Good coders are productively lazy and like good artists, copy snippets from all over the place, from datasheets to code libraries to their own previous work. But only you would be able to look only them in the eye and say those lines could have come from anywhere.

  3. KeyXote says:

    An interesting introspective into the Labarynth of paradoxical derivation, intuition, ingenouity and creativity amongst others. Philosophically this Socratic prompt contains many fields of mind, many layers of complexity and depth. A mirror maze of sorts, a game. Does Pac-Man give credit to Dedeleus, is Pac-Man aware of the construct, of the ghosts? Personally I would credit to anyone who has placed the effort in building the construct no matter the size of their contribution. We all reflect each other in the collective commons of ideas. A theory may be born to an individual a priori to the knowledge that a proof or idea already exists, and for that matter, always may have existed. Knowledge and acknowledgment of the initial creator/creation is a reflection of self in many ways. An idea is tangential and remains constrained until it is shared with others, at which point one can reflectivity appreciate its shared existence. I see it akin to a social contract of sorts, agreements that an experience exists requires a consensus. We all tap into the pool of past, present and future knowledge when we create our own labyrinths. I would prefer to navigate that construct with other like minded creators I can share credit with as it takes shape into many forms. Having creative allies helps avoid the Minator. From a legal perspective we follow agreed upon rules, that said there are unwritten agreements to which we also adhere. De Jour and De Facto can be delineated but only in one aspect is it an unrecorded contract. The Ship of Theseus does not have to be a Corsair, plundering ideas for self edification leads the Minator of mind to devour itself, makes me reflect on some of the works of Heironymous Bosch.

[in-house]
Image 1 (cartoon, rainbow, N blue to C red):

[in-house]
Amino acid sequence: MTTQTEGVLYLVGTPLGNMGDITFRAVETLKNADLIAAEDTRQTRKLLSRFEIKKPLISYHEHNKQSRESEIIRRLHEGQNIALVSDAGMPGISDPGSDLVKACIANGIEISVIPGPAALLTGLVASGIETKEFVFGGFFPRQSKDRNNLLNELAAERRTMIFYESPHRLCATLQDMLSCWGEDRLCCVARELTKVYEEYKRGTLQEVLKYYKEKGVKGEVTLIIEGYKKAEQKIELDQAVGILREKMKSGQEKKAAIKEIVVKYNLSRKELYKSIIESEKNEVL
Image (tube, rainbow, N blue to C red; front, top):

4. Warner Losh says:

    in the open source project I work on we use "more than half" as our rule of thumb for a rewrite that adds a name to the copyright. and "nearly all" to remove a name. these are likely reasonably conservative guidelines. And it isn't lines of code strictly, but more of an implied "of the content" where different bits can have different weights as to what went into the "work" that was created. plus we tend to bias towards keeping attribution when in doubt to be polite and neighborly.

    it is a thorny problem to get an absolute answer. legally, it's when the "reduced form" of the work differs enough to not infringe. there are many tests in legal cases, but they all involve breaking to code down to basic blocks, ignoring differences in variable names, removing the things that can only be done one way, etc.

    so a color line, like the example you gave, has no copyright protection because red is red, you can't copyright facts (eg the numbers that make up a color) and there is one or a small number of ways in the language to say red.

  5. Mark Atwood says:

    This is my actual professional day job field of expertise.

    The answer is... It Depends.